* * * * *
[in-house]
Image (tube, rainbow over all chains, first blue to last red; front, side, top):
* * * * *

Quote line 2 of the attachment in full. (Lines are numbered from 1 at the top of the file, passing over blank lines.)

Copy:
Image (tube, rainbow over all chains, first blue to last red; front, side, top):